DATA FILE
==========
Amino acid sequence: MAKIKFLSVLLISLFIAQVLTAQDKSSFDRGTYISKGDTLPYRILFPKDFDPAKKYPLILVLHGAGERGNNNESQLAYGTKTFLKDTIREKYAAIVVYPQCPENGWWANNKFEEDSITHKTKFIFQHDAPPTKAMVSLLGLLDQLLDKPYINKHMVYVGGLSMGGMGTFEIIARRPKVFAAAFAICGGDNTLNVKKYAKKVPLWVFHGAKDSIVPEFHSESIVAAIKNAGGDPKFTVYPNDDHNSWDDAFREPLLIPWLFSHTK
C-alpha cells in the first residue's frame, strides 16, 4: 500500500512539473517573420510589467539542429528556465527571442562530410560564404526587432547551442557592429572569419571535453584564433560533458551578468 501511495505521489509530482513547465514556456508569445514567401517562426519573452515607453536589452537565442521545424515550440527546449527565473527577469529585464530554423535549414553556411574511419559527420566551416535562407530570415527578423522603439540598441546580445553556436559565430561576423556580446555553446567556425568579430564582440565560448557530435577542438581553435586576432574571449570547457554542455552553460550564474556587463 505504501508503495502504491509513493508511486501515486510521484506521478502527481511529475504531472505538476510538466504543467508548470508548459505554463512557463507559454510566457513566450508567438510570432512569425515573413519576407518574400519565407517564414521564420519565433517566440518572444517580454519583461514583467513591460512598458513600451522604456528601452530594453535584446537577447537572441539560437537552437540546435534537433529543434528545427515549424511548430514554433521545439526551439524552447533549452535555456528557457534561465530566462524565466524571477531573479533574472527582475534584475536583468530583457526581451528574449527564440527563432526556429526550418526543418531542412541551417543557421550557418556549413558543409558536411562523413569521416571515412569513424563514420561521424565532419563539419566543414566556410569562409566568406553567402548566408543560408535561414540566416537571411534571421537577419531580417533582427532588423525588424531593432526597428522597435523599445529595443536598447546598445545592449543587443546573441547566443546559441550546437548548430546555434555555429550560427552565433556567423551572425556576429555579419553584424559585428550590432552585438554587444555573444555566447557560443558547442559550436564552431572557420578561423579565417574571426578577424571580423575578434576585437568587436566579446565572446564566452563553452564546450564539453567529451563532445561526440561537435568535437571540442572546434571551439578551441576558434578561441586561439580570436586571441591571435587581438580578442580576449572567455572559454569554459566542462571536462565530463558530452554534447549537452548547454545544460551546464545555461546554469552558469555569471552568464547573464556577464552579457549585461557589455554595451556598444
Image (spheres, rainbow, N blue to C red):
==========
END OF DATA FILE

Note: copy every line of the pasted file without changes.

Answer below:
Amino acid sequence: MAKIKFLSVLLISLFIAQVLTAQDKSSFDRGTYISKGDTLPYRILFPKDFDPAKKYPLILVLHGAGERGNNNESQLAYGTKTFLKDTIREKYAAIVVYPQCPENGWWANNKFEEDSITHKTKFIFQHDAPPTKAMVSLLGLLDQLLDKPYINKHMVYVGGLSMGGMGTFEIIARRPKVFAAAFAICGGDNTLNVKKYAKKVPLWVFHGAKDSIVPEFHSESIVAAIKNAGGDPKFTVYPNDDHNSWDDAFREPLLIPWLFSHTK
C-alpha cells in the first residue's frame, strides 16, 4: 500500500512539473517573420510589467539542429528556465527571442562530410560564404526587432547551442557592429572569419571535453584564433560533458551578468 501511495505521489509530482513547465514556456508569445514567401517562426519573452515607453536589452537565442521545424515550440527546449527565473527577469529585464530554423535549414553556411574511419559527420566551416535562407530570415527578423522603439540598441546580445553556436559565430561576423556580446555553446567556425568579430564582440565560448557530435577542438581553435586576432574571449570547457554542455552553460550564474556587463 505504501508503495502504491509513493508511486501515486510521484506521478502527481511529475504531472505538476510538466504543467508548470508548459505554463512557463507559454510566457513566450508567438510570432512569425515573413519576407518574400519565407517564414521564420519565433517566440518572444517580454519583461514583467513591460512598458513600451522604456528601452530594453535584446537577447537572441539560437537552437540546435534537433529543434528545427515549424511548430514554433521545439526551439524552447533549452535555456528557457534561465530566462524565466524571477531573479533574472527582475534584475536583468530583457526581451528574449527564440527563432526556429526550418526543418531542412541551417543557421550557418556549413558543409558536411562523413569521416571515412569513424563514420561521424565532419563539419566543414566556410569562409566568406553567402548566408543560408535561414540566416537571411534571421537577419531580417533582427532588423525588424531593432526597428522597435523599445529595443536598447546598445545592449543587443546573441547566443546559441550546437548548430546555434555555429550560427552565433556567423551572425556576429555579419553584424559585428550590432552585438554587444555573444555566447557560443558547442559550436564552431572557420578561423579565417574571426578577424571580423575578434576585437568587436566579446565572446564566452563553452564546450564539453567529451563532445561526440561537435568535437571540442572546434571551439578551441576558434578561441586561439580570436586571441591571435587581438580578442580576449572567455572559454569554459566542462571536462565530463558530452554534447549537452548547454545544460551546464545555461546554469552558469555569471552568464547573464556577464552579457549585461557589455554595451556598444
Image (spheres, rainbow, N blue to C red):